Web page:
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Effectiveness of the SDF is undermined by Legislation

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Dear Editor

The value, effectiveness, and potential of the SDF is undermined by a number of factors, including the skills development legislation itself.

I wish to express my views in response to your article entitled "SDFs are contributing to their own demise', by Jim Freeman, posted on 21 June. Although not an SDF, I wish to point out the following factors that, in my opinion, are contributing to the "dumbing down' of the SDF role, and undermining skills development in the country.

Firstly, it is my belief that the potential of the SDF to add real value to the business of skills development, has been doomed for failure from day one, even before the first SDF was appointed. This premature "demise' of the SDF is, in my opinion, as a direct result of the inhibiting role of the SDF as outlined in the skills development legislation (Skills Development Regulations of 2000 provided for by Section 36 of the Skills Development Act 97 of 1998).

The skills development regulations (and the current SDF unit standards) prescribe the role and function of the SDF as "to assist' and "to advise' the employer on skills development matters. Nowhere in the legislation, or otherwise, is the SDF given genuine responsibility and legitimate authority to ensure that effective and meaningful skills development actually does take place within the organisation.

The SDF can compile marvellous and wonderful Workplace Skills Plans until he or she is "blue in the face', but it is really meaningless, if the WSP is not implemented as comprehensively as possible. Employers are under no obligation to engage meaningfully with the SDF in order to pursue the goals of the WSP, and are in essence, under no legal obligation to fulfil the objectives of the WSP. The SDF is in effect, powerless to ensure that the goals of the WSP and NSDS are realised within the organisation.

Secondly, the contribution of the SDF is not generally regarded as significant for the achievement of the enterprise?s strategic goals. The appointment of an SDF is perceived as merely the fulfilment of a legal obligation imposed on designated employers. This negative attitude towards the value of the SDF to the organisation is exacerbated by the emphasis placed upon the compilation of the WSP, QMR and the ATR as the core functions of the SDF.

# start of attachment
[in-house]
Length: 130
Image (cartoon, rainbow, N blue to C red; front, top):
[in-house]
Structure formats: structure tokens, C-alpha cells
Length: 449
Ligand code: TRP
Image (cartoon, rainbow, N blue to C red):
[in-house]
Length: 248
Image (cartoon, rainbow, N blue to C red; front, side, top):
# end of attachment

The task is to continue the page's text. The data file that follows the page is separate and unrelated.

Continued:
The general emphasis on the compilation of these "meaningless', and often superficial documents by the SDF not only hinders the SDF from adding real value to the organisation, but also directly contributes to the negative perception of the SDF as merely an administrator for legal compliance by the organisation. The constant emphasis on the compilation of the WSP/ATR documents by the SDF also perpetuates the perceptions of skills development as merely a "paper-exercise.'

The crucial role of the SDF in ensuring meaningful implementation of skills development initiatives within the organisation should be given precedence in skills development legislation, over the SDFs obligations to compile WSP documents.

Thirdly, the skills development legislation makes provision for the SDF as the "contact person' between the SETA and the employer. Does this not contribute to the notion of the SDF as a "messenger' between the two parties, and does this not reinforce the perception of the SDF as merely an administrator within the organisation, with no real value to add? The SDF is certainly most suitably positioned not merely as the "contact person' between the employer and the SETA, but to add real value to skills development within the organisation by being given legitimate and genuine authority and accountability for effective and meaningful skills development within the organisation.

Suffice to say that the calibre of the current SDF is a precise reflection of the general expectations of the SDF function in respect of compiling WSP?s and ATR?s, nothing more and nothing less. "Where much is given, much is required.' Not much has been required of the SDF in terms of the function and role of the SDF, and certainly not much has been given to SDFs in the way of genuine authority, responsibility and support for effective skills development. Neither has much been given with regard to the professional development of the SDF to assume a more significant role within the skills development arena.

It appears however, from recent debate, that "more' is being required of the SDF, more value, more meaningful skills development, and more impact on NSDS targets. This is rightly so. However, to achieve this, "more' must be given to the SDF to do the job at hand. More significance needs to be given to the role of the SDF than that of WSP and ATR compiler, more recognition by all role-players of the crucial role and positioning of the SDF for effective and meaningful skills development, more responsibility and legislative authority in respect of skills development implementation, more support, and more functional resources for genuine skills development within the organisation.

Skills development is crucial for the country?s economic growth and development. The survival and strategic positioning of the SDF to contribute meaningfully to skills development remains imperative. Legislative professionalism of the SDF occupation may be a panacea to counter the negative effects of the "dumbing down' of the SDF role. Professionalism of the SDF role will not only ensure the continued survival of the SDF, but also the professional development and expertise of the SDF to add value and contribute to meaningful skills development within the country.

By Claudelle Crick Dunn

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